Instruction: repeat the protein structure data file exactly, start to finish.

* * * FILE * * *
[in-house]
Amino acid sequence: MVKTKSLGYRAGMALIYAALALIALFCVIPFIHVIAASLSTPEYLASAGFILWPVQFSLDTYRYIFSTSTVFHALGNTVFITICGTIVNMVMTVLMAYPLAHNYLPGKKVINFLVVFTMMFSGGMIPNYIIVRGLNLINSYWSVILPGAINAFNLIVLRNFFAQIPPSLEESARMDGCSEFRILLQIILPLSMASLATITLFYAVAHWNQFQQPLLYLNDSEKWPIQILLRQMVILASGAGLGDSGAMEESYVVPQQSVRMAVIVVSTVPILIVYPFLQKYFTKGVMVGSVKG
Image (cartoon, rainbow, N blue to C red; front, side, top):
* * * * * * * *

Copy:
[in-house]
Amino acid sequence: MVKTKSLGYRAGMALIYAALALIALFCVIPFIHVIAASLSTPEYLASAGFILWPVQFSLDTYRYIFSTSTVFHALGNTVFITICGTIVNMVMTVLMAYPLAHNYLPGKKVINFLVVFTMMFSGGMIPNYIIVRGLNLINSYWSVILPGAINAFNLIVLRNFFAQIPPSLEESARMDGCSEFRILLQIILPLSMASLATITLFYAVAHWNQFQQPLLYLNDSEKWPIQILLRQMVILASGAGLGDSGAMEESYVVPQQSVRMAVIVVSTVPILIVYPFLQKYFTKGVMVGSVKG
Image (cartoon, rainbow, N blue to C red; front, side, top):